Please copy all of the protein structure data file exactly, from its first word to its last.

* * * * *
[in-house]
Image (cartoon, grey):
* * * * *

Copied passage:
[in-house]
Image (cartoon, grey):